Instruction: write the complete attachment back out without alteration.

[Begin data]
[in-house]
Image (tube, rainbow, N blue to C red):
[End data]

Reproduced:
[in-house]
Image (tube, rainbow, N blue to C red):